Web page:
The stock price is easy to determine. The market sets it and you can get it via the stock market quotation. Any stock broker will help you with this if you know the stock symbol or the ticker.

The difficulty lies in finding the intrinsic value of the stock.

How to Value a Stock Correctly (you are likely doing this wrong)

If you are like most other investors who pay attention to fundamentals of a business, you consider certain key financial ratios as a proxy for valuation.

This normally works when we look at the most commonly held stocks. These stocks tend to be large well known companies and have multiple Wall Street analysts covering them.

You are also not very likely to find true value stocks here.

I do not wish to underplay the importance of these financial ratios. They have been part of investors’ tool set for decades and for good reasons. They can very quickly tell you if a stock merits further due diligence or not.

But looking at these ratios does not make for a complete due diligence.

These ratios, or rules of thumb, can inform and guide your investment process. They should never be the only reason why you buy or sell a stock.

Here is the key takeaway I want you to remember. These valuation ratios work on a comparative basis, when you are looking at a typical steady state business. Value stocks, specially if you are investing in distressed assets or special situations, are NOT typical and not steady state. So use these metrics judiciously.

To find great value stocks, you need to go further than an average investor and really understand the business.

Estimating the Intrinsic Value of a Stock

To pay less than what a stock is worth, we need to start with judging what a stock is worth.

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This boils down to understanding the value of the business. A stock after all is just a small claim on the business.

There are many academic theories and methods to estimate the intrinsic value of a company. Things like Dividend Discount Model, Multiples analysis, etc make for elegant ways of coming to a precise number.

But the only thing that really matters is “what will a sophisticated investor pay for this business”?

Who Exactly is this Sophisticated Investor?

A Sophisticated Investor

Details are Important for a Sophisticated Investor

The sophisticated investor is not an investor at all. At least, not in the sense we typically understand.

Investors are NOT the arbiter of values of businesses.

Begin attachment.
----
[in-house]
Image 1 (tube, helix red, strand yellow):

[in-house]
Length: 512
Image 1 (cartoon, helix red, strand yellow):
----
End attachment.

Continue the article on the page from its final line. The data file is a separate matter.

The value of a business is determined in the business market place. Not the stock market.

The value of the stock derives from the value of the business. (Every one gets this backwards)

The sophisticated investor therefore is a business owner, a competitor or another firm. And the value of the business is the value this business owner, competitor or another firm will pay for this business in return for the “owner’s earnings” or assets.

Keep in mind that a business owner is typically risk averse and unlikely to bet large amounts of capital solely in expectations of future earnings. He or she would require enough existing value in the business to cover a substantial part of the investment. Speculation is not a sustainable business practice. Existing assets matter and balance sheet strength is of great importance. They give the company options and leverage in the market place to effectively compete and grow or protect their market share.

Once you understand that the stock values are ultimately derived from the business values, investing becomes profitable, predictable and low stress. You can simply ignore what market does on a daily basis, which is just a sum of a million investors’ greed and fear, and focus on the only thing that matters – the business values.

The intelligent way to invest is to act as a business owner.

You Get This. But … It is Still so Hard to Invest Intelligently

It is not exciting. You feel like swimming against the tide because the crowd thinks you are wrong. Your spouse or colleague at work says “but everyone knows XYZ stock is hot and will take over the world …”. The financial media proclaims “this time it is different”!

It is very easy to doubt yourself and think that if everyone is doing it, it must be right.

To be mediocre is very alluring. Sure you do not become rich, but atleast you are playing the game, as well as almost every one else, and getting results that are no worse than every one else.

Worse, even if you wanted to go against the consensus and invest with original research and ideas, it is very difficult to do with professionally managed funds and other pooled products.